I was also on the course and here are my thoughts and general ramblings:
I came to the course knowing very little Welsh: I had managed to get through the first couple of sessions of the older SSIW material before, learned (and forgotten) a few nouns from a language challenge I did last year where you had to learn some numbers, colours, countries, basic phrases - really not very much from a different language each month) , what I have picked up from road signs in the 2 months I’ve been living in Wales, some incidental Welsh (bendigedig!, Ffantastig!, Da Iawn, Ty bach, Bore da, barod, etc…) that I’ve learned in the 3 weeks I’ve been working in an English medium primary school in Cardiff, and the ability to sing most of the national anthem at the rugby and the nursery rhyme Gee Cefl Bach.
Day 1, I found the first three sessions fine - I was keeping up with the Welsh and felt OK. Then at sessions 4 and 5 I began to seriously want to repeat the sessions because I didn’t feel like I had got to grips with anything. We weren’t allowed to do that, so I had little choice but to press on. To be honest, I found day one really hard - couldn’t talk to anyone, the house was VERY quiet and I didn’t feel like I was really learning very much. I did manage to string a few words together during the speaking session at the end of the day though, so that was a little encouraging.
Day 2: By lunch time I was thinking “This is ridiculous and stupid and I’m not learning ANYTHING!”. You really do need to be determined to get through one of these courses, because I’m not one to give up on a challenge, so I was going to finish it if it killed me. I also had a phone call to say that my son needed picking up from school so had to speak English to school and then my husband. This was supposed to be forbidden and Aran thought that if we spoke English it would harm our Welsh, but actually I found that having a 10 minute conversion actually made me feel better emotionally, which I think actually aided the process for the rest of the week
Day 3 Now this is interesting. By day 3 (doing the latter stages of course 1 by this point), I discovered that there were great swathes of material that I had NO IDEA about. Huge long sentences where I was lucky if I could get one or two words out. Things like: ‘I met someone in the pub who said that he worked with your brother’ where I said "pub…brother’. HOWEVER, also realised that some of the things I couldn’t get and wanted to repeat sessions to learn on Monday were now no problem. This gave me the confidence not to worry about what I wasn’t learning and press on anyway.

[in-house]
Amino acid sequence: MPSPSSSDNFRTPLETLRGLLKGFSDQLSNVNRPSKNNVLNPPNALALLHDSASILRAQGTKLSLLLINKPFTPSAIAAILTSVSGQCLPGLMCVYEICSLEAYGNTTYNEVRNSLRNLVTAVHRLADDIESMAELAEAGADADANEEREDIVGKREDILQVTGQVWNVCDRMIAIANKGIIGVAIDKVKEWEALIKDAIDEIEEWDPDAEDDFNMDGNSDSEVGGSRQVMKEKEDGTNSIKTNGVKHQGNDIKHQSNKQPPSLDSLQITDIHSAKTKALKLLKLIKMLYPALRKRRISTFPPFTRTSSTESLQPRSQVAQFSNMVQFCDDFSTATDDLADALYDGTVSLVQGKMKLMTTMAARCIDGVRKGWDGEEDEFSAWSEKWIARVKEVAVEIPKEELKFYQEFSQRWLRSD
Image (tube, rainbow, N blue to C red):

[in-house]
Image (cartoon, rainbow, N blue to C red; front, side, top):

Day 4 By now I was an SSIW machine. I wasn’t sleeping well, so started at about 7am and packed in as many sessions as possible. I took a drive to get out of the house and did a session as I drove around (cabin fever was setting in). In the evening I discovered that I was able to understand most of what Aran was saying and even what Catrin said when she popped in briefly and could also communicate (if in a rather limited way) in Welsh.
Day 5: Finished course 2 by lunchtime. Yay!
I wouldn’t say that I was really able to speak that much Welsh, but I do feel that I have enough of a basis to start having conversations. I DEFINITELY need to go back and look at the he/she/we/they stuff because although I can talk about myself and to one other person reasonably comfortably, I find it incredibly hard to find the words if talking about someone else!
My general thoughts and tips on doing an intensive course:
- You really need to be comfortable with your own company because you will, essentially be on your own for 10/11 hours a day, and when you are with others you won’t really be able to communicate, so it IS very isolating
- Understand that there WILL be lots that you don’t get, but keep going.
- Recognise that even if you don’t get it now, you may well do so in a few days time.
- Occasionally, you will get a section in the middle of a lesson that is nice and easy - enjoy those bits!
- I took some crochet with me that I could do whilst learning or during down time. Personally, I found having a sort of displacement activity helped me to concentrate (because I can do the crochet without thinking - maybe something like an adult colouring book would work, or something else that doesn’t need thought. Might not work for everyone, but seemed to work for me.
I hope that is helpful to anyone thinking of doing two courses in a week (you mad fools, you)!